Whilst no one knows the real identity of the artist known as Banksy, his artwork has recently been the subject of a High Court case which has provided some useful guidance relating to the interplay between repairing covenants and chattels of substantial value.

Background

Banksy's mural appeared on an external wall of a building in Folkestone in September 2014.  The building was occupied by Dreamland Leisure Limited as a tenant under a 20 year lease which demised the structure and exterior of the building to it.

As is the case with most murals, Banksy's artwork appeared on the building without the prior knowledge or consent of either the landlord or the tenant.

The tenant (Dreamland) subsequently arranged for the mural and the section of the wall it was on, to be removed.

Covenant to 'keep' in repair

The landlord alleged that the tenant had breached its lease by removing the mural and asked the Court to order the return of the mural to it pursuant to section 2 of the Torts Interference with Goods Act 1977.

In its defence, the tenant argued that it was obliged, or alternatively entitled, to remove the mural from the building in order to comply with the tenant covenants contained in clauses 2(b) and 2(d) in its lease which required it to:

"Keep the whole of the demised premises including all glass of the windows locks latches and fasteners all boundary fences (if any) and all fixtures and additions thereto in good and substantial repair and condition" and "In every fourth and in the last year of the Term howsoever determined to paint all the outside wood iron and other work now or usually painted with two coats of good quality paint and in a proper and workmanlike manner. And with every outside painting to restore and make good all external rendering wherever necessary".

The tenant also argued that once the mural had been removed from the building, it became the tenant's property as a result of an implied term in the Lease.

The Court reiterated that an obligation to 'keep' in repair is only engaged if the particular part of the building is out of repair and accordingly, before it could consider whether the tenant had complied with its obligation to carry out the necessary work to 'keep' the building in repair, the Court was required to consider whether or not the presence of the mural caused the building to be out of repair. The tenant argued that the presence of the mural on the existing paintwork caused the building to be out of repair although it admitted that no damage had been caused to the structure of the wall. The Court was 'narrowly' persuaded by the tenant's arguments and therefore the Court then turned to consider the question of what work was required to be carried out by the tenant in order to comply with its obligation to keep the building in repair.

The landlord and the tenant both agreed that there were less invasive ways of the dealing with the damage caused to the building by the mural which included painting over it and removing it by chemical or abrasive cleaning. The Court reiterated the established point that the tenant was only required to undertake such remedial work as a sensible person would adopt and concluded that the tenant was not entitled to or obliged to repair the wall by removing part of it.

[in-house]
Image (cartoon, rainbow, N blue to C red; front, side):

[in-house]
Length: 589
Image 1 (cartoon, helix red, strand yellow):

Ownership of the mural

Having decided against the tenant on the first issue, the Court went on to decide who the mural belonged to.

The Court decided that the mural belonged to the landlord for the following reasons:

  1. The default position is that each part of the building belongs to the landlord and therefore it is up to the tenant to establish that a term ought to be implied into the lease which changes this.
  2. Chattels do not become the property of the tenant simply because the tenant has discharged its repairing obligation.
  3.  Even if a term could be implied in respect of the ownership of waste or chattels which have only scrap or salvage value it does not mean that a similar term can be implied in relation to a chattel of substantial value.
  4.  It makes no difference that the value of the chattel is attributable to the spontaneous actions of a third party.

Points to take away

As noted by the Judge, the facts in this particular case were 'exceptional' and although a case with similar facts is unlikely to present itself on a regular basis, it does provide a warning to tenants that they cannot use extreme methods to comply with their repairing covenant in order to receive a 'windfall'.

If you are a landlord letting a property with a valuable chattel attached to the land you should consider what rights you want to retain in respect of that item and whether you want to retain ownership of it in the event it is removed from the building. Although this case was decided in the landlord's favour, it would be prudent to require an express clause in the lease dealing with rights, obligations and also the ownership of any high value chattels.